Thrown for a Loop: How RNase H1 and DNA Gyrases Limit R-loops and Maintain Genome Stability in Chloroplasts
We all know that DNA is the stable nucleic acid, in comparison to its flighty, unstable cousin RNA, right? Well, unusual things happen when metabolic processes require DNA to unwind from its stable, redundant double-helical form. For example, during transcription, the RNA that exits RNA polymerase can pair with the template DNA strand, leaving the non-templated strand as single-stranded DNA (ssDNA), forming a structure called an R-loop (reviewed in Gaillard and Aguilera, 2016). R-loops function in chromatin structure and in regulating transcription; for example, an R-loop regulates the antisense long, non-coding RNA COOLAIR that transcribes from FLOWERING LOCUS C (Sun et al. 2013). Conversely, R-loops can also affect the stability of the nuclear or organellar genomes. For example, the loop of ssDNA may be vulnerable to mutation or breakage; R-loops can also prevent or detain the progress of the DNA replication fork.
Cells and organelles have multiple mechanisms to mitigate the detrimental effects of R-loop formation. For example, RNase H enzymes can degrade the RNA part of the RNA–DNA hybrid, thereby allowing the ssDNA to pair with its complementary DNA strand and resolving the R-loop. To explore the functions of RNase H enzymes in plants, Yang et al. (2017) comprehensively identified RNase H1 enzymes encoded by the Arabidopsis thaliana genome. Phylogenetic analysis and examination of fluorescent protein fusions showed that higher plants have evolved three RNase H1-like proteins localized to the subcellular compartments that contain DNA (nucleus, mitochondria, and chloroplasts).
Despite being located in close proximity to the photosynthetic apparatus (which, in moving high-energy electrons can also generate free radicals), and despite being heavily transcribed, the chloroplast genome remains stable, even compared to the nuclear genome. To examine the role of RNase H1 in the chloroplast, the authors focus on the chloroplast-localized form, AtRNH1C. Knockout atrnh1c mutants (T-DNA insertion and CRISPR/Cas9 mediated) showed severe chloroplast abnormalities and a pale-green phenotype. In vitro activity assays showed that AtRNH1C has RNase H activity, being able to degrade the RNA strand of an RNA–DNA hybrid. Moreover, examination of the chloroplasts in the atrnh1c mutants by DNA–RNA immunoprecipitation, digestion-sensitive R-loop profiling, and R-loop footprinting showed that the chloroplast DNA contained much higher levels of R-loops and more extensive R-loops, and a substantial increase in degraded and rearranged chloroplast DNA in the atrnh1c mutants, compared with wild-type plants.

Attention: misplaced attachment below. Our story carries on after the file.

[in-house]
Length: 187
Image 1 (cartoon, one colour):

Affinity purification of tagged AtRNH1C and mass spectrometry showed that AtRNH1C interacts with multiple proteins involved in genome structure and stability, including an organelle-localized Arabidopsis DNA gyrase (a type II topoisomerase that introduces negative supercoiling). Further examining the interaction of AtRNH1C with DNA gyrase, the authors found that nuclease treatment disrupted the interaction of these proteins, indicating the requirement for DNA or RNA in the AtRNH1C–gyrase interaction. Also, treatment with the gyrase inhibitors ciprofloxacin or novobiocin produced an additive effect on the atrnh1c mutants, indicating that AtRNH1C and DNA gyrase may collaborate to resolve R-loops.
The authors used two-dimensional gel electrophoresis to examine the effect of AtRNH1C and DNA gyrase on the replication of DNA from the conserved origins of replication in the inverted repeats of the chloroplast DNA. Indeed, they found fewer replication intermediates in the atrnh1c mutants and ciprofloxacin-treated cells, indicating a blockage of replication. They also observed reduced transcription of the ribosomal DNA. Chromatin immunoprecipitation showed that AtRNH1C physically associates with these inverted repeat regions and that association decreased in plants treated with gyrase inhibitors. Therefore, these two enzymes have key functions for both genome stability and ribosomal DNA transcription.
Intriguingly, ciprofloxacin can induce DNA double-strand breaks and the additive effect of ciprofloxacin in the atrnh1c mutants indicates that AtRNH1C may function in repair of the chloroplast DNA, as emerging research indicates that RNA–DNA hybrids may participate in DNA repair. Examination of how AtRNH1C interacts with its various partners, and dissecting its various functions will prove an intriguing prospect for future research. Moreover, determining how RNase H and its partners interfere with “bad” R-loops while not interfering with the important regulatory functions of R-loops remains an outstanding question.
Gaillard, H., and Aguilera A. (2016) Transcription as a Threat to Genome Integrity. Annual Review of Biochemistry 85:291–317 https://doi.org/10.1146/annurev-biochem-060815-014908
Sun, Q., Csorba, T., Skourti-Stathaki, K., Proudfoot, N.J., Dean, C. (2013) R-loop stabilization represses antisense transcription at the Arabidopsis FLC locus. Science 340(6132):619-621 doi: 10.1126/science.1234848
Yang, Z., Hou, Q., Cheng, L., Xu, W., Hong, Y., Li, S., and Sun, Q. (2017) RNase H1 Cooperates with DNA Gyrases to Restrict R-loops and Maintain Genome Integrity in Arabidopsis Chloroplasts. Plant Cell 10.1105/tpc.17.00305.